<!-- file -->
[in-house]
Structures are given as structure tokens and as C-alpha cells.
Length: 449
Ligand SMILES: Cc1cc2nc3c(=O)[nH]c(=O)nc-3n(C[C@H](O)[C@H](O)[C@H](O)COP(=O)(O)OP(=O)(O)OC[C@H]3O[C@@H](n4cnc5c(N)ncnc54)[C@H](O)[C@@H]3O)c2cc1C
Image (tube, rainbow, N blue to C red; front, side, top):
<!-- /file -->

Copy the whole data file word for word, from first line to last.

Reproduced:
[in-house]
Structures are given as structure tokens and as C-alpha cells.
Length: 449
Ligand SMILES: Cc1cc2nc3c(=O)[nH]c(=O)nc-3n(C[C@H](O)[C@H](O)[C@H](O)COP(=O)(O)OP(=O)(O)OC[C@H]3O[C@@H](n4cnc5c(N)ncnc54)[C@H](O)[C@@H]3O)c2cc1C
Image (tube, rainbow, N blue to C red; front, side, top):